The rising level of obesity is one of the biggest challenges that we face as a country and an important role for PHE is to advise the public - and the Government - on what constitutes a healthy diet.
Of course, there is a lot of advice already out there from expert clinicians or academics, but also from various people with an interest in this area, including commercial interests.
It can certainly be confusing for members of the public to know what they should and shouldn’t be eating, and in what amounts. From saturated fats to sugar – it can often feel like navigating a minefield of inconsistent nutritional advice.
It’s important to remember that information referred to as ‘expert advice’ is sometimes based on evidence that has known limitations. For example, it may involve a small sample of participants or ignore other factors that could affect the results.
Public Health England is committed to supporting the public to make healthier choices through the provision of credible advice based on the best possible evidence. So what exactly do we mean by that?
When we produce new guidance on a particular topic, our independent experts review all the available evidence on that subject – often hundreds of scientific papers.
We run full-scale consultations and go to great lengths to ensure that the evidence is considered fairly on its merits and without bias.
For example, PHE’s Scientific Advisory Committee on Nutrition produced new recommendations on carbohydrates, including sugars and fibre, in July last year.
The committee selected more than 600 peer-reviewed scientific papers for review, which were considered to be properly robust, out of an even longer list of studies. We also ran a full-scale public consultation.
Our approach to heathy eating advice
Another example of an evidence-based approach to producing dietary advice is the recent refresh of the Eatwell Guide. The eatwell plate was first introduced eight years ago to illustrate a healthy and balanced diet, and was updated earlier this year following some important developments in the evidence.
As part of this work we engaged with interested organisations and individuals through an external reference group and a public consultation with stakeholders, including academics, clinicians, non-profit organisations, commercial companies and industry representatives.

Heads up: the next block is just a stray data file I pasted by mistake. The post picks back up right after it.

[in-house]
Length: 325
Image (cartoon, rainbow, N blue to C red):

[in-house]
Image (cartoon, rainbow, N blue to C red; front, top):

PHE has been criticised by some for working with industry on this guidance. However, the companies that supply our food have a major influence on what we eat, for example on how much sugar we eat.
The evidence shows that lowering the sugar content of the food and drinks offered in shops, restaurants, takeaways and the many places we eat could be a successful way of changing how much sugar the population consumes.
This has already been demonstrated through work to reduce salt consumption in the UK. Engaging proactively with industry was key to the success of that work.
Our analysis shows that a similar programme to reduce the levels of sugar in food and drinks would significantly lower sugar intakes, particularly if accompanied by reductions in portion size. In our view success depends on effective engagement with industry right from the start.
Although we have consulted industry and others on implementation, the underlying guidance behind the Eatwell Guide was not driven by the needs of industry.
It is entirely in line with the evidence and with advice from the World Health Organization and other government bodies worldwide. The modelling we used was commissioned by PHE from the University of Oxford, who have an international reputation for work of this kind.
But we know that one resource alone, such as the Eatwell Guide, is not enough to change the amount of food and drink consumed across the population.
Individuals, families, communities, the food industry and local and national government all have a role to play in tackling the obesogenic environment.
We are working to support this in a number of ways in partnership with government departments and local authorities – from making it easier for people to take part in physical activity to supporting behaviour change through public campaigns such as One You and Change 4 Life.
Alongside a number of upcoming reports, we are working to review the evidence on saturated fat and health through the Scientific Advisory Committee on Nutrition.
We hope to share a draft report for consultation next year – after we have reviewed and evaluated the entire body of evidence. All comments are welcomed and we hope that this comprehensive review of the evidence will continue to add clarity for the public on healthy eating.
We will continue to strive to give the public clear and actionable advice based on the best current scientific evidence.